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Today's etymological thread was inspired by the utterly bonkers song "बंजारा / Wanderer" in the Bollywood film Ek Tha Tiger. India looks at Dublin. Our hero, in love with the mysterious woman who is actually on the other side, falls into a reverie:


So, my eye was caught by the second line, दिल मेरा बंजारा, Dil mera banjaara, my heart is a wanderer, which is repeated throughout the song (sometimes doubled, दिल मेरा दिल मेरा बंजारा, Dil mera dil mera banjaara). दिल dil means "heart" in Hindi. Where did that come from?

English heart is obviously related to Dutch hart, German Herz, Yiddish האַרץ‎/harts, Danish/Norwegian hjerte, Swedish hjärta, Icelandic/Faroese hjarta, Gothic 𐌷𐌰𐌹𐍂𐍄𐍉/hairtō, from ancient Germanic root *hertô from Proto-Indo-European root *ḱḗr with stem *ḱr̥d-.

That *ḱḗr / *ḱr̥d- root is pretty widespread with very little change of meaning in Indo-European languages. Irish croidhe / croí (also sweetheart), Welsh craidd (middle), Greek κῆρ / καρδία, Latin cor / cordis, French cœur, extended a bit for Spanish corazón, Portuguese coração.

That Latin root also gives us courage, accord, concord, discord, record; and the Greek gives us cardiology etc. And related Indo-European *ḱréddʰh₁eti, believe, gives us Latin crēdō and therefore credit, incredible, etc. And Irish creid, to believe, has the same root.

But what about farther East? Well, the Sanskrit word for heart is हृदय, hṛ́daya, which is obviously related and gives the Hindi word हिया hiyā meaning heart. But the Hindi word दिल dil, also meaning heart, is a loan from Persian دل dil (also Urdu دِل and Punjabi ਦਿਲ).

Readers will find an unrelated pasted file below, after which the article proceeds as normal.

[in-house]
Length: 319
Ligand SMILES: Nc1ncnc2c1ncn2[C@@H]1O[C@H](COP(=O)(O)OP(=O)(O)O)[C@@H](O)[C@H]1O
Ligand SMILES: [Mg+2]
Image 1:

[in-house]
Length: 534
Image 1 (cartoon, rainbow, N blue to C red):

It's not at all obvious, but दिल دل ਦਿਲ dil is also descended from Proto-Indo-European *ḱr̥d- via Proto-Indo-Iranian *ȷ́ʰŕ̥d-. There's apparently a well documented phonetic shift *ȷ́ŕ̥d- > *dŕ̥d > *dŕ̥l > dil., a similar shift giving us Persian گل gol for rose.

Of the other two words in that catchy line, दिल मेरा बंजारा, Dil mera banjaara, My heart is a wanderer, मेरा mera is easy - the word for "my" in most Indo-European languages begins with m (mon, mein/mijn, мой/мој/moj, mo, etc).

बंजारा banjaara, the title of the song, is also the name of a nomadic people in India, but the more I dig into it the less I realise I know about Indian history and geography.

The point is that our hero is lost in love, so let's leave it there.

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